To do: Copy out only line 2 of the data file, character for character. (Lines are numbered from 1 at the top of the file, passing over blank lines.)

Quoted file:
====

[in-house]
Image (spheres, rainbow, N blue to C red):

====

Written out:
Image (spheres, rainbow, N blue to C red):